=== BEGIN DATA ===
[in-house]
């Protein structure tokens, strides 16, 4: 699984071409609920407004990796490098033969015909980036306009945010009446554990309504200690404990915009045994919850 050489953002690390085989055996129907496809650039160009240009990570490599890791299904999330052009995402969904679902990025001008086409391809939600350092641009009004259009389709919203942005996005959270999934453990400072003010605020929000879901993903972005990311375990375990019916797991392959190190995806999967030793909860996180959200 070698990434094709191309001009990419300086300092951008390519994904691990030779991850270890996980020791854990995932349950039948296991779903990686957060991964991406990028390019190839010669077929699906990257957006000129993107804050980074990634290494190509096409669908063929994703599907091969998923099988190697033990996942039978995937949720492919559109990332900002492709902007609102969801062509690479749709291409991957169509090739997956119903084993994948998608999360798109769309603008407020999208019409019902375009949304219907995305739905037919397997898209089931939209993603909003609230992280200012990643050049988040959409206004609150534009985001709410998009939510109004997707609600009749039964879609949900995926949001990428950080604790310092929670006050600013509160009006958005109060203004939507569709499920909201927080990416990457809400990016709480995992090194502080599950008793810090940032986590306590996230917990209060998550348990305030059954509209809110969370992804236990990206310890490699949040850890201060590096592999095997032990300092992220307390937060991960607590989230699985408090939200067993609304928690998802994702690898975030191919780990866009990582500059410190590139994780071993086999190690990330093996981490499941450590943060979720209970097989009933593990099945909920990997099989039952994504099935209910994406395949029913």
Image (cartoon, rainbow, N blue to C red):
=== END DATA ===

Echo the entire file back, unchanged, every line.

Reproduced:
[in-house]
């Protein structure tokens, strides 16, 4: 699984071409609920407004990796490098033969015909980036306009945010009446554990309504200690404990915009045994919850 050489953002690390085989055996129907496809650039160009240009990570490599890791299904999330052009995402969904679902990025001008086409391809939600350092641009009004259009389709919203942005996005959270999934453990400072003010605020929000879901993903972005990311375990375990019916797991392959190190995806999967030793909860996180959200 070698990434094709191309001009990419300086300092951008390519994904691990030779991850270890996980020791854990995932349950039948296991779903990686957060991964991406990028390019190839010669077929699906990257957006000129993107804050980074990634290494190509096409669908063929994703599907091969998923099988190697033990996942039978995937949720492919559109990332900002492709902007609102969801062509690479749709291409991957169509090739997956119903084993994948998608999360798109769309603008407020999208019409019902375009949304219907995305739905037919397997898209089931939209993603909003609230992280200012990643050049988040959409206004609150534009985001709410998009939510109004997707609600009749039964879609949900995926949001990428950080604790310092929670006050600013509160009006958005109060203004939507569709499920909201927080990416990457809400990016709480995992090194502080599950008793810090940032986590306590996230917990209060998550348990305030059954509209809110969370992804236990990206310890490699949040850890201060590096592999095997032990300092992220307390937060991960607590989230699985408090939200067993609304928690998802994702690898975030191919780990866009990582500059410190590139994780071993086999190690990330093996981490499941450590943060979720209970097989009933593990099945909920990997099989039952994504099935209910994406395949029913």
Image (cartoon, rainbow, N blue to C red):